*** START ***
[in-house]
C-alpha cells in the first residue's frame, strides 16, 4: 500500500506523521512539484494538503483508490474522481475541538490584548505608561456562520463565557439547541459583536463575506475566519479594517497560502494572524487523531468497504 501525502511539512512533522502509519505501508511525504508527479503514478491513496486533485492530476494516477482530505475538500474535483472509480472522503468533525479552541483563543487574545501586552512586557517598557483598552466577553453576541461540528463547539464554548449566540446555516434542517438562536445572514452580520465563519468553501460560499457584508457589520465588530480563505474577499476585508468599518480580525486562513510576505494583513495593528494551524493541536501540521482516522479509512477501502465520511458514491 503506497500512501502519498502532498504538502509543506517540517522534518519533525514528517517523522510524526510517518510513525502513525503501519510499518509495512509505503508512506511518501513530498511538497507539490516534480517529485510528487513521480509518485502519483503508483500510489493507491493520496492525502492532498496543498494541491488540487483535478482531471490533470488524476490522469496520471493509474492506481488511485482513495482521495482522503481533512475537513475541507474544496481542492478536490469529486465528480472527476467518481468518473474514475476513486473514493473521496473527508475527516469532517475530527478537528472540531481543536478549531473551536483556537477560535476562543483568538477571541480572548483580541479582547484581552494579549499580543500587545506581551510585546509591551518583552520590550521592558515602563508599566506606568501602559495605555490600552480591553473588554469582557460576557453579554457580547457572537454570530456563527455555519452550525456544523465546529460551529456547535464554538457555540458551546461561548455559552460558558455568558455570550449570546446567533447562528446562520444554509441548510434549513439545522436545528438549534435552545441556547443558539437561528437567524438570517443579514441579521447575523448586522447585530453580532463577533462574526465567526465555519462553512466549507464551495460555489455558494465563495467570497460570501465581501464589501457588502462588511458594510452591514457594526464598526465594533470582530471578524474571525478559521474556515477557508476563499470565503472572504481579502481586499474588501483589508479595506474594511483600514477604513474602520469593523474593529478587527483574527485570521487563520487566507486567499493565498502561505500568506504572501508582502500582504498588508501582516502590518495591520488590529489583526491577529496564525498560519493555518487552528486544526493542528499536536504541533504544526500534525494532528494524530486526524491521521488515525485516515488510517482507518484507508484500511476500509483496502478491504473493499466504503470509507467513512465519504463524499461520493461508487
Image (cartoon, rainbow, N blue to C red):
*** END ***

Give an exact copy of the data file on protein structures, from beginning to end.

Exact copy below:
[in-house]
C-alpha cells in the first residue's frame, strides 16, 4: 500500500506523521512539484494538503483508490474522481475541538490584548505608561456562520463565557439547541459583536463575506475566519479594517497560502494572524487523531468497504 501525502511539512512533522502509519505501508511525504508527479503514478491513496486533485492530476494516477482530505475538500474535483472509480472522503468533525479552541483563543487574545501586552512586557517598557483598552466577553453576541461540528463547539464554548449566540446555516434542517438562536445572514452580520465563519468553501460560499457584508457589520465588530480563505474577499476585508468599518480580525486562513510576505494583513495593528494551524493541536501540521482516522479509512477501502465520511458514491 503506497500512501502519498502532498504538502509543506517540517522534518519533525514528517517523522510524526510517518510513525502513525503501519510499518509495512509505503508512506511518501513530498511538497507539490516534480517529485510528487513521480509518485502519483503508483500510489493507491493520496492525502492532498496543498494541491488540487483535478482531471490533470488524476490522469496520471493509474492506481488511485482513495482521495482522503481533512475537513475541507474544496481542492478536490469529486465528480472527476467518481468518473474514475476513486473514493473521496473527508475527516469532517475530527478537528472540531481543536478549531473551536483556537477560535476562543483568538477571541480572548483580541479582547484581552494579549499580543500587545506581551510585546509591551518583552520590550521592558515602563508599566506606568501602559495605555490600552480591553473588554469582557460576557453579554457580547457572537454570530456563527455555519452550525456544523465546529460551529456547535464554538457555540458551546461561548455559552460558558455568558455570550449570546446567533447562528446562520444554509441548510434549513439545522436545528438549534435552545441556547443558539437561528437567524438570517443579514441579521447575523448586522447585530453580532463577533462574526465567526465555519462553512466549507464551495460555489455558494465563495467570497460570501465581501464589501457588502462588511458594510452591514457594526464598526465594533470582530471578524474571525478559521474556515477557508476563499470565503472572504481579502481586499474588501483589508479595506474594511483600514477604513474602520469593523474593529478587527483574527485570521487563520487566507486567499493565498502561505500568506504572501508582502500582504498588508501582516502590518495591520488590529489583526491577529496564525498560519493555518487552528486544526493542528499536536504541533504544526500534525494532528494524530486526524491521521488515525485516515488510517482507518484507508484500511476500509483496502478491504473493499466504503470509507467513512465519504463524499461520493461508487
Image (cartoon, rainbow, N blue to C red):